Everywhere in nature presence of Spirit reveals itself.  Wherever you look, everything is ordered and arranged according to wise laws of nature, in which every plant, every animal forms an indispensable link in the whole.  We are hardly able to unravel some of this perfect order in the science we call ecology, a word the literal meaning of which is: logic of the household of nature.  Nothing in this order seems to be left to chance.

Our human order is child’s play compared with the perfect laws of nature.  In our lives “ecology” is often hard to find.  True, in our origin we were made in God’s image, but this primal image is disformed and mutilated again and again into God’s counter image, the unholy spirit.

At Pentecost, Christ wants to send the Spirit into our souls—provided we make room for the Spirit.  His presence of Spirit needs our presence of spirit.  And if there is no space for Christ in us, the breath of the Spirit blows to other places on earth.  The Spirit blows not only where it wills, but also to the dwelling places we prepare for it.

For this reason the Holy Spirit is also called the Paraclete—this means literally “the called one.”  May our prayer, the great prayer of the Consecration of the Human Being, become a flaming call for the Spirit, so that He can find a lasting home in our community!

Rev. Bastiaan Baan, May 28, 2023


Kurt Philippi

Die Gruender der Christengemeinschaft: Ein Schicksalsnetz
By Rudolf F. Gaedeke
Translated by Cindy Hindes

October 16, 1892, Munich – March 19, 1955, Nuremberg

Kurt Philippi was born in Munich on October 16, 1892. His father had a store for shoemaking supplies; his mother was a court actress, first in Darmstadt, then in Munich. In the year after his birth, the young family moved to Teplitz in Bohemia, where his father took over the management of a shoe factory. There, in Teplitz, his siblings Else and Paul were also born. Else died of diphtheria at the age of four.

Kurt Philippi’s early childhood ended in 1899. The family moved to Berlin, where his father became a salesman after losing almost his entire fortune as co-owner of the Teplitz factory.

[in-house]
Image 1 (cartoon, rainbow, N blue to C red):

The boy began his schooling there in Berlin. His last school was the Hohenzollern-Reformgymnasium Schöneberg, which he left in February 1912 with the certificate to study German and new languages. This decision was based on his talent for these subjects and his desire to become a librarian. However, after leaving school, various fateful encounters and experiences led him to study Protestant theology at the University of Berlin in April 1912.

In October 1913, his father died of a stroke. Through iron diligence, supported by Kurt’s mother, who managed the business correspondence, he had created a financial basis again and thus made Kurt’s studies possible.

In February 1915, Kurt Philippi was called up for military service in World War I. He first took part in the Russian campaign and then went to the Western Front in France. He experienced all the phases of positional warfare with their immense human losses in battle until the retreat.

At the beginning of October 1918, Kurt Philippi fell ill with severe influenza on the Western Front and had to be sent to the reserve military hospital in Aschaffenburg. The disease had not yet been overcome when he was released in November. This not fully healed illness continued to make his physical constitution appear fragile. It was certainly a major cause of his many years of suffering and his relatively early death.